I've done the trip in September when the weather was cooler and there were no strong afternoon winds. On a hot day, the wind can blow 30-40 mph and kick up waves a couple of feet high. It can be difficult to keep the bow into the wind which, because of the waves, is critical.


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 Post subject: Re: Green River UT help
PostPosted: May 3rd, 2015, 8:20 am 
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Never done the Green at 4000. It must have been very slow! Done it at 9000-14000. I think the dam had not released for you.

The Mineral Bottom road is not something I would tackle in mud. It was exciting enough in our trailerless truck.


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 Post subject: Re: Green River UT help
PostPosted: May 3rd, 2015, 10:01 am 
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Location: Canmore AB
quick trip report from our trip: On river Ruby Ranch April 5 Pickup Spanish Bottom April 15. River flow 5,000 and less.
Route selection down the river was important as there are sandbars where there shouldn't be.
Wind yes! Usually came up 1:00- 2:00 PM. You could paddle in it but what a PITA. For 2 days it was impossible to paddle but we were forwarned once by an outfitter and once by our InReach with message from friends warning us of BIG winds the next day. It was glass calm on our last day as we floated past the confluence of the Green and Colorado. We got to Spanish Bottom around 10:00 AM at 10:30 huge winds came up and stayed with us for the next 24h.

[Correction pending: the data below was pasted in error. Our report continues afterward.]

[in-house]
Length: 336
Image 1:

Campsites: as stated sometimes hard to find. Kelsey's book once you get through the verbage can help but it's not the bible for campsites. Nor is the list at the Mineral Bottom kiosk. BLM and Parks service are doing some strategic Tammy removal to create/enhance camping areas.
"Embrace the mud" we were told by our shuttle driver from Tex's. So right :rofl: Slip sliding away comes to mind trying to get in, get out, get unstuck.
Great hiking, Anasazi ruins, and scenery.
Hugh

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"Twenty years from now you will be more disappointed by the things that you didn't do than by the ones you did do. So throw off the bowlines. sail away from the safe harbor. Catch the trade winds in your sails. Explore. Dream. Discover."
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 Post subject: Re: Green River UT help
PostPosted: May 3rd, 2015, 6:02 pm 
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Kim,
It had sprinkled a bit while we were going into town to get our trucks. The road down from the rim was just a bit muddy. Still, very nerve wracking going down. I believe there is a sign at the top that cautions not to go down if it's raining.